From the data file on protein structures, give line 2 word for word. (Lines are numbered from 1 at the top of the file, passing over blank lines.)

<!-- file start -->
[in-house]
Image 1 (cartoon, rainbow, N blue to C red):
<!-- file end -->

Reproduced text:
Image 1 (cartoon, rainbow, N blue to C red):